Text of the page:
White House officials say President Trump will avoid politics and stick to patriotic themes in a high-profile July Fourth speech in front of the Lincoln Memorial in Washington amid questions about the cost and tone of the celebration.
US battle tanks were spotted on a cargo train in Washington on Tuesday morning, a sign of the military firepower that will be featured as part of a July Fourth celebration that will differ significantly from past events.
For decades, US presidents have kept a low profile during Washington's annual celebration of the 1776 Declaration of Independence, which typically draws hundreds of thousands of people to Washington's monument-lined National Mall for a nonpartisan concert and fireworks.
This year, Trump plans to speak at a military "Salute to America" that will feature military bands and flyovers from the US Navy's Blue Angels and Air Force One, the modified Boeing 747 that transports US presidents.
The event could also feature M1 Abrams battle tanks, a B-2 bomber, F-35 and F-22 fighter jets, and the Marine One helicopter that transports the president, the Pentagon said.
Air traffic at nearby Ronald Reagan National Airport will be suspended during the flyovers and the fireworks, according to the Federal Aviation Administration.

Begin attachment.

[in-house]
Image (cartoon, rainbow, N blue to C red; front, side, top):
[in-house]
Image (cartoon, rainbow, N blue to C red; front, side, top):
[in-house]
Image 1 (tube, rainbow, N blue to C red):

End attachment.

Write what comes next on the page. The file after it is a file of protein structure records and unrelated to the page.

Democrats in congress have questioned whether Trump will turn a nonpartisan patriotic celebration into a taxpayer-funded campaign rally.
"That's absolutely ridiculous. This is all about a salute to America. The president is not going to get political," White House spokesman Hogan Gidley said on Fox Business Network on Tuesday.
The administration to date has not said how much Trump's pumped-up July Fourth celebration will cost. The Pentagon postponed a military parade planned for last November after it estimated it could cost US$90 million (NZ$134 million).
"It is unacceptable that the Interior Department is failing to inform congress about how it plans to spend taxpayer money to fund the president's lavish July 4th plans, which reportedly include special access to the National Mall for the politically connected," Democratic senator Tom Udall said in a statement.
A VIP section set up near the Lincoln Memorial will be open to government officials and lawmakers, according to a White House official speaking on condition of anonymity. In previous years, government officials and other VIPs have watched the fireworks from the White House lawn.